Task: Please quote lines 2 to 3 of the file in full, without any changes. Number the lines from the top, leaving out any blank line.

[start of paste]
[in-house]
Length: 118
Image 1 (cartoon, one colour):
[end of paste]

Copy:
Length: 118
Image 1 (cartoon, one colour):